K L Saigal


Popular As: Kundan Lal Saigal
Birth: 11th April 1904
Death: 18th January 1947
First Film: Mohabbat Ke Aansoo
Last Film: Parwana
Work Span: 1932 - 1947

Recognized as the greatest singer of the century, K L Saigal was a musical genius who became a legend in his life time. He brought music to the masses and with his God-gifted voice and unique style gave a totally new dimension to the music of his time. His unforgettable melodies continue to enthrall millions of listeners and have become a part of our heritage.

Kundan Lal Saigal was born on 4th April 1904 at Nawa Shaher in Jammu. His father Amar Chand Sehgal was a Tehsildar in the court of the then state of Jammu. His mother Kesar Kaur was a deeply religious lady who was very fond of music. She used to take young Kundan to various religious functions where Bhajans, Keertan and Shabads were sung in traditional styles. Kundan often accompanied his father to the interior parts of the State where he would drink deep into the folk music of Punjab and Kashmir straight from the shepherds and wandering minstrels. He did not have a formal training in classical music nor had a Guru but his extraordinary musical perception made him absorb the notes that went into his ears and responded to all technical musical needs as a singer. His only formal training apparently came from a little known Sufi peer, Salman Yussuf.

The singing tradition he assimilated had little classical rigour but emphasized the poetic blending of syllables into musical forms like the thumri and ghazal. His renditions of Mirza Ghalib's poetry and his identification with its tragic iconography formed the famous Saigal persona. A school dropout, he worked first as a railway time-keeper and then as a typewriter salesman and hotel manager when B N Sircar of Calcutta's New Theatre discovered him.

At New Theatre he came in contact of R C Boral who was the music director of New Theatre. Boral identified the talent of the young man and he employed him at New Theatres on contract basis. His first film was Mohabbat Ke Aansoo (1932), which didn’t helped him in anyway. After the failure of his first film he came out with Subah Ka Taara and Zinda Laash, but, unfortunately both the films failed. In 1933, with the release of Puran Bhagat he tasted success. 'Bhaju Main Bhaav Se..', a bhajan, sung by him became a hit and he came into news nation wide. Same year his Yahoodi Ki Ladki got released which again proved lucky for him. Next year, in 1934, Chandidas earned him the much waited fame and stardom. The real breakthrough came with the film Devdas, directed by P C Barua, in 1935, which established K L Saigal as the first superstar of the Indian Cinema. It created history. Saigal brought alive the character of Devdas creating the archetype of the relentlessly luckless, tragic hero. Songs of Devdas like 'Baalam Aan Baso More Man Me..' and 'Dukh Ke Din Ab Beetat Nahin..' became very popular. In the latter song Saigal obliterates the artificial barriers that separate prose, recitation and song as he breaks the melodic progression of the song by laughing bitterly at his own squalour. In fact, Saigal remains the definitive Devdas even though the role has subsequently been played by such thespians like Dilip Kumar, A. Nageshwara Rao and Shahrukh Khan.

K L Saigal with co-star Khursheed success followed success and a number of successful movies came out with Saigal in the main lead. Films like Karwan-e-Hayat (1935), Krorepati (1936), Pujarin (1936), President (1937), Dharti Mata (1938), Street Singer (1938), Dushman (1939), Zindagi (1940), Lagan (1941) and My Sister (1944) were lapped by the audience mainly for Saigal songs. Notable among the Bangla films are Jeeban Maran and Saathi.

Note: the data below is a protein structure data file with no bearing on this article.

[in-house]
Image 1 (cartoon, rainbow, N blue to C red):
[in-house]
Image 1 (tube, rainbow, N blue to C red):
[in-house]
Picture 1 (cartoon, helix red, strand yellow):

In 1941 Saigal moved to Bombay to work with Ranjit Movietone, where he did films like Bhakt Surdas and Tansen, both were very successful. However, by now Saigal’s dependence on alcohol had started affecting his work and his health. People said he could not sing without drinking. In 1947 Saigal passed away in his hometown when he was just 42. Music director Naushad for whom he did his last film Shajahan, pleaded with him to give up drinking but it was too late. It was said he could only sing only when fortified with liquor. His health began failing. A last ditch effort at abstinence proved useless as he was too far-gone and in early 1947 Saigal passed away in Jallandher. But not before giving us such melodic gems like 'Mere Sapnon Ki Rani..', 'Ae Dil-e-Bekaraar Jhoom..', 'Jab Dil hi Toot Gaya..' from Shah Jahan (1946).

Saigal is said to have been a very simple person who enjoyed his singing extremely and was quite happy to sing for anyone, at any time without any consideration for personal gain. Music was his life and soul. He sang for himself, more like a Sufi saint, finding in music the most effective instrument for sublime communion with the Ultimate. A great artist, a great man, Saigal belongs to the class of human beings who defy death. He is immortal.

Saigal acted in 36-feature films- 28 Hindi, 7 Bangla and 1 Tamil. After Saigal’s death, based on life and times of K. L. Saigal, B. N. Sircar made film 'Amar Sehgal' (1955). The film contained 19 songs lifted from old films of Saigal. In all, Saigal rendered 185 songs which includes 142 film songs and 43 non-film songs. In the film songs category, there are 110 Hindi, 30 Bangla and 2 Tamil songs. In the non-film category, there are 37 Hindi and 2 each in Bangla, Punjabi and Persian languages.

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